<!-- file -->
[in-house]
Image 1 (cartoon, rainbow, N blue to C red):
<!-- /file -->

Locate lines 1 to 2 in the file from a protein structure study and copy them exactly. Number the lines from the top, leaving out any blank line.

[in-house]
Image 1 (cartoon, rainbow, N blue to C red):